Next up, the Koreans. They had spent the morning weaving rope into long plaits. These were brought forward and attached to the top of the barricade. The throng lined up, took the three lines in hand and began to pull in time with the Korean chants of a work gang. During an incredible three hours the barricade was destroyed and removed from the road by the steady collective action of the crowd. It took several turns and minor adjustments to tear the wall asunder. At one point, when it was about to tear into two parts for the first time, several journalists and photographers were gathered inside the collapsing structure. Warnings to vacate were given and the work teams paused, breaking the tempo of the operation. Nevertheless, as the steel caved towards the crowd 2 photographers went arse over tit inside as it rolled. Fortunately the work gangs were attentive enough that the signal went quickly along the line and these people were saved from grave injury.

The atmosphere was otherworldly as the mammoth structure began to buckle and sway, the realization began pass through those assembled that this thing was really coming down. The crowd was silent as the drummers accompanied the heaves of those on the ropes and the barricade disintegrated. It was quickly moved from the road onto the median where youths mounted it for a better view of the front line, now a small open space between the riot cops, a throng of cameras, the Koreans and the women of the movement of the global south.

In an unorthodox but tactically genius move, the crowd, flying high on this tremendous group achievement, which was ready to storm, to riot, to do almost anything- instead sat down. There was a ceremony and moment of silence for comrade Lee and then the electrifying news that not only had a group of Korean companeros made it into the convention center, but the group of 21 developing nations had signed a document refusing the proposals of the U.S.A and E.U. We are winning.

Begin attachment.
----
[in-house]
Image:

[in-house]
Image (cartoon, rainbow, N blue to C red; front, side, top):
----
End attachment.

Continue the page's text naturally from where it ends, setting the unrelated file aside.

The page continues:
For days militants had infiltrated the “zona hoteleria” and caused mayhem, blocking traffic, confronting delegates and being chased around by a bewildered army of private security, conscripts and military policemen. In one of the weeks more comical actions, a `reclaim the beach’ party was reported on breathlessly by network correspondents as a demonstration. Video footage showed bathers bobbing, and waving while fifty odd security guards stood sweating on the sand scratching their heads. Due obviously to orders not to sully the image of the WTO with arrests or blood these spontaneous demos would routinely end in a negotiated deal whereby the police would provide air conditioned coaches back to kilometer zero and parties at the Korean encampment. This is the real Cancun.

On Sunday night at the fiesta around the memorial to Lee the mood was triumphant. People from around the world celebrated the death of the WTO and the life of Kyung Hae Lee. His death had crystallized something very important. As one Campesino woman put it, he has given us a great gift; he has reminded us that the policies of the WTO are a matter of life and death.